This shade arbor, located in The Woodlands, TX north of Houston, spans the entire length of the back yard. It combines a number of elements with custom structures that were constructed to emulate specific aspects of a Zen garden. The homeowner wanted a low-maintenance garden whose beauty could withstand the tough seasonal weather that strikes the area at various times of the year. He also desired a mood-altering aesthetic that would relax the senses and calm the mind. Most importantly, he wanted this meditative environment completely shielded from the outside world so he could find serenity in total privacy.
The most unique design element in this entire project is the roof of the shade arbor itself. It features a “negative space” leaf pattern that was designed in a software suite and cut out of the metal with a water jet cutter. Each form in the pattern is loosely suggestive of either a leaf, or a cluster of leaves.
These small, negative spaces cut from the metal are the source of the structure’ powerful visual and emotional impact. During the day, sunlight shines down and highlights columns, furniture, plantings, and gravel with a blend of dappling and shade that make you feel like you are sitting under the branches of a tree.
At night, the effects are even more brilliant. Skillfully concealed lights mounted on the trusses reflect off the steel in places, while in other places they penetrate the negative spaces, cascading brilliant patterns of ambient light down on vegetation, hardscape, and water alike.
The shade arbor shelters two gravel patios that are almost identical in space. The patio closest to the living room features a mini outdoor dining room, replete with tables and chairs. The patio is ornamented with a blend of ornamental grass, a small human figurine sculpture, and mid-level impact ground cover.
Gravel was chosen as the preferred hardscape material because of its Zen-like connotations. It is also remarkably soft to walk on, helping to set the mood for a relaxed afternoon in the dappled shade of gently filtered sunlight.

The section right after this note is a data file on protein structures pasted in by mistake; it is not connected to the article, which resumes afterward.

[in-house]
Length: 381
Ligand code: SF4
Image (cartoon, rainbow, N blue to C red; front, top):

The second patio, spaced 15 feet away from the first, resides adjacent to the home at the opposite end of the shade arbor. Like its twin, it is also ornamented with ground cover borders, ornamental grasses, and a large urn identical to the first. Seating here is even more private and contemplative. Instead of a table and chairs, there is a large decorative concrete bench cut in the shape of a giant four-leaf clover.
Spanning the distance between these two patios, a bluestone walkway connects the two spaces. Along the way, its borders are punctuated in places by low-level ornamental grasses, a large flowering bush, another sculpture in the form of human faces, and foxtail ferns that spring up from a spread of river rock that punctuates the ends of the walkway.
The meditative quality of the shade arbor is reinforced by two special features. The first of these is a disappearing fountain that flows from the top of a large vertical stone embedded like a monolith in the other edges of the river rock. The drains and pumps to this fountain are carefully concealed underneath the covering of smooth stones, and the sound of the water is only barely perceptible, as if it is trying to force you to let go of your thoughts to hear it.
A large piece of core-10 steel, which is deliberately intended to rust quickly, rises up like an arced wall from behind the fountain stone. The dark color of the metal helps the casual viewer catch just a glimpse of light reflecting off the slow trickle of water that runs down the side of the stone into the river rock bed.
To complete the quiet moment that the shade arbor is intended to invoke, a thick wall of cypress trees rises up on all sides of the yard, completely shutting out the disturbances of the world with a comforting wall of living greenery that comforts the thoughts and emotions.